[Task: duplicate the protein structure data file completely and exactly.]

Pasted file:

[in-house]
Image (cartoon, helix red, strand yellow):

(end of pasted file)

[in-house]
Image (cartoon, helix red, strand yellow):